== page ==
The year after the 1980 presidential election, Kenneth Kline, a political buff from Mogadore, Ohio, took it upon himself to send two hundred notables of the day a questionnaire asking why Jimmy Carter had lost so overwhelmingly to Ronald Reagan. Kline's cover letter observed that only four years earlier, Carter had seemed the perfect elixir for the political ills afflicting the nation during the 1970s, when Americans, wounds still raw from the trauma of Vietnam, sat transfixed by their television sets watching the Nixon administration unravel.1 By 1976, America's bicentennial year, a nation disheartened by political corruption capped by a presidential pardon wanted to believe in Jimmy Carter, a devout Evangelical Christian who promised “to make government as good as its people.” Goodness, apparently, was not enough.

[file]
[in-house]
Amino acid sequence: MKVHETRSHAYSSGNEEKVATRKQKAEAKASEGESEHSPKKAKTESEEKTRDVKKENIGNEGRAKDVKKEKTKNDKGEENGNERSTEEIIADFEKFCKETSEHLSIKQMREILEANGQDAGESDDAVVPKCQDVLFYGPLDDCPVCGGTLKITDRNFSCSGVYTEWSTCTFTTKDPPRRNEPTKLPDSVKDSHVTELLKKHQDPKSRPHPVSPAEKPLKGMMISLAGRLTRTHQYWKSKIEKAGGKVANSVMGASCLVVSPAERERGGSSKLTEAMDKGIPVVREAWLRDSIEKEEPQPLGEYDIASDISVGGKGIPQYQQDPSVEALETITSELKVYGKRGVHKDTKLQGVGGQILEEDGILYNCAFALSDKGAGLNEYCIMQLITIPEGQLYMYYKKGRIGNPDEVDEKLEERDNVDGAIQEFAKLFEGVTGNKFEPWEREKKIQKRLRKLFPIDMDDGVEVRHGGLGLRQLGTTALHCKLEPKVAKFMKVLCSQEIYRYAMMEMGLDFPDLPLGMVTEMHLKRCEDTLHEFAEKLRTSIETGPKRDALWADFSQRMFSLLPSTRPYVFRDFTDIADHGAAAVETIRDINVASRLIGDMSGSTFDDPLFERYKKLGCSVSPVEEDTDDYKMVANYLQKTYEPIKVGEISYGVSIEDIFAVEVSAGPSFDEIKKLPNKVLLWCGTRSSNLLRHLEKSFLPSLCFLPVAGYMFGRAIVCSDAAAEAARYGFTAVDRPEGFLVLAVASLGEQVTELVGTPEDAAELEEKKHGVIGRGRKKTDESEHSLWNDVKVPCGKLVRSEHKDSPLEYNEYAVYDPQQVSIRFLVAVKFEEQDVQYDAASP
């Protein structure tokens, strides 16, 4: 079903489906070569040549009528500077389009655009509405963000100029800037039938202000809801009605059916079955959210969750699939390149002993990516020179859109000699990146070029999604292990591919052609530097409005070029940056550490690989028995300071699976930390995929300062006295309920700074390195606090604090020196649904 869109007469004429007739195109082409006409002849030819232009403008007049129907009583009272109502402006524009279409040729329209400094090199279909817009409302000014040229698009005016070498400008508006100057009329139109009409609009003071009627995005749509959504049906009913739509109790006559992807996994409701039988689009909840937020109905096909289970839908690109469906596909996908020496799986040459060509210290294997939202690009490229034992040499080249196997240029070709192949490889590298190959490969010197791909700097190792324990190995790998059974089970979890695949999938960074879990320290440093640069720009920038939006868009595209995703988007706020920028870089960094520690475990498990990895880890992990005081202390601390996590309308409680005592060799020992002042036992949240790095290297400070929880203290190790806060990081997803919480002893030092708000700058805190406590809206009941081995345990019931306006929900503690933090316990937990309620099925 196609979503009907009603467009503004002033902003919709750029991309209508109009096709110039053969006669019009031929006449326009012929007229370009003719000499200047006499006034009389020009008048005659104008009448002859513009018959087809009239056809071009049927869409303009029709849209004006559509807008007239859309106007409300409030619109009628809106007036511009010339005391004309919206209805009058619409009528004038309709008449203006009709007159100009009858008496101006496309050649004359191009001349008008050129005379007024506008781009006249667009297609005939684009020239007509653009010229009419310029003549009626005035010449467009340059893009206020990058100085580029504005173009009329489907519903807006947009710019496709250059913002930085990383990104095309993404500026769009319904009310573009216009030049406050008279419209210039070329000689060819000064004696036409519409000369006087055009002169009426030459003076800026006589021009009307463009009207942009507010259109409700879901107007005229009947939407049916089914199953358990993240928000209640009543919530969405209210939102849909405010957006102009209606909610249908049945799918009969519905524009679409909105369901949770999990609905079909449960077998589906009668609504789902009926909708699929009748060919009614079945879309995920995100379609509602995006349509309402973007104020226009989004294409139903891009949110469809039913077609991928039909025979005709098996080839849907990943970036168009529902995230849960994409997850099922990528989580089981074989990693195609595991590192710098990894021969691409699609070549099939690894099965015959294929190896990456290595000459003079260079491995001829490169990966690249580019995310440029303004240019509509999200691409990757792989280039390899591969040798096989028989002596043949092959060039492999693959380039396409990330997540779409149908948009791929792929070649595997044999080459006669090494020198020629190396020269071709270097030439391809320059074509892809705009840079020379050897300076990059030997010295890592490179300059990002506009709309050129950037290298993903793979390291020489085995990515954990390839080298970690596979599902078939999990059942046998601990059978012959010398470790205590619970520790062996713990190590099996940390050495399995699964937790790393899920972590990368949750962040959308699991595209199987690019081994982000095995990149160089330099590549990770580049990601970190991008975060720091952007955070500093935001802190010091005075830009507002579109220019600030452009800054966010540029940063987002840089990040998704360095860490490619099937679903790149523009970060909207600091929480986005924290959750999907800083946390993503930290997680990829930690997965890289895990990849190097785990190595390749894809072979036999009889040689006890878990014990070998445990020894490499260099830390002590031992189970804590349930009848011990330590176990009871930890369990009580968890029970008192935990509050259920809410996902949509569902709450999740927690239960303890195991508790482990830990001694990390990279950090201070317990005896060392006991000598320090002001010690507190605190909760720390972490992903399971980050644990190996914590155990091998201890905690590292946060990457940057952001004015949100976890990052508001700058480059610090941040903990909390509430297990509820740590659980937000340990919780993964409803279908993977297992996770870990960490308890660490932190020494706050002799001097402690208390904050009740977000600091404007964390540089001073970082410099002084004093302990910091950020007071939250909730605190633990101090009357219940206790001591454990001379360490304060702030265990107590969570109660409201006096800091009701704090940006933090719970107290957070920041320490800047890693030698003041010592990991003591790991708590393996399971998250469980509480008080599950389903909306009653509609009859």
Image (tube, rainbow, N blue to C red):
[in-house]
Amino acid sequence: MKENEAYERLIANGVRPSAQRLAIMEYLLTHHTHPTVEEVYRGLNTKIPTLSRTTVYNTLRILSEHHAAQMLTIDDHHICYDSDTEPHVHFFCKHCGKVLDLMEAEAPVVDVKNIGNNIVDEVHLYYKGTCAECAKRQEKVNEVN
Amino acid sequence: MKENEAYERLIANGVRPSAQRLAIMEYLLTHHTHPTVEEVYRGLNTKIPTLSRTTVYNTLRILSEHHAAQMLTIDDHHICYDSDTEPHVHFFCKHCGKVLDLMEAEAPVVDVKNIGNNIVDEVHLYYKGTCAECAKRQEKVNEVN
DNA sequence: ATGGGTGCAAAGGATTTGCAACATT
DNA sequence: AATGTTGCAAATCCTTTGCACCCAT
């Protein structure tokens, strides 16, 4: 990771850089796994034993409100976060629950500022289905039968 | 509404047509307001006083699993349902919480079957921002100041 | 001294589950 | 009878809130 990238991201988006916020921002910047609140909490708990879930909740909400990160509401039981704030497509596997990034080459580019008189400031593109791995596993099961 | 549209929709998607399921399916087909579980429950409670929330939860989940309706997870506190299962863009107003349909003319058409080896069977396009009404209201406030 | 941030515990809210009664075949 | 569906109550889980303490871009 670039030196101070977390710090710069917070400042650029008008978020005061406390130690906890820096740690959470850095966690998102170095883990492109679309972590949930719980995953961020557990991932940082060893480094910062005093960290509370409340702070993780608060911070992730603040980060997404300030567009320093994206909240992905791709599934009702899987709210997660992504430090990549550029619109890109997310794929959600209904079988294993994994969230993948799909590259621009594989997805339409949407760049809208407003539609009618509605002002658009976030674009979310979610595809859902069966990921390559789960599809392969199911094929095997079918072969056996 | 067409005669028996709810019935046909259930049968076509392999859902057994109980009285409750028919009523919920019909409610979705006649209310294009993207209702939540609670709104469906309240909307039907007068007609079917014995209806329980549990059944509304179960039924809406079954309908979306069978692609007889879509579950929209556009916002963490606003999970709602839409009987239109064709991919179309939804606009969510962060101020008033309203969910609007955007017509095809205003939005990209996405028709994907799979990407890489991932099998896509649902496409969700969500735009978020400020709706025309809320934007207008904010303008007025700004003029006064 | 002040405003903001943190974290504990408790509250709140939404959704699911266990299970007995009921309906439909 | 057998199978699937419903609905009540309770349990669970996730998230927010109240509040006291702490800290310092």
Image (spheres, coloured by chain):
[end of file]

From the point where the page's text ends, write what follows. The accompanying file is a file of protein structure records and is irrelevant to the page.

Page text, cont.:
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Carter's personal probity, religiosity, and good intentions by themselves were not tantamount...

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